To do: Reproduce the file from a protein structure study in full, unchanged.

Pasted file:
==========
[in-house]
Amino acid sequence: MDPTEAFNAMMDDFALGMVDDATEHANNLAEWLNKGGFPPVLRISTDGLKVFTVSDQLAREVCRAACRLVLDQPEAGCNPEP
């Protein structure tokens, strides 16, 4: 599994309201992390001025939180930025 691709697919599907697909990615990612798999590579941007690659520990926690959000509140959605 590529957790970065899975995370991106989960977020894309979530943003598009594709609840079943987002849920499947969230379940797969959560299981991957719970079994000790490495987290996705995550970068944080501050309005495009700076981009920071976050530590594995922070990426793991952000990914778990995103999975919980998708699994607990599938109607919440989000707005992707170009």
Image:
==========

[in-house]
Amino acid sequence: MDPTEAFNAMMDDFALGMVDDATEHANNLAEWLNKGGFPPVLRISTDGLKVFTVSDQLAREVCRAACRLVLDQPEAGCNPEP
């Protein structure tokens, strides 16, 4: 599994309201992390001025939180930025 691709697919599907697909990615990612798999590579941007690659520990926690959000509140959605 590529957790970065899975995370991106989960977020894309979530943003598009594709609840079943987002849920499947969230379940797969959560299981991957719970079994000790490495987290996705995550970068944080501050309005495009700076981009920071976050530590594995922070990426793991952000990914778990995103999975919980998708699994607990599938109607919440989000707005992707170009």
Image: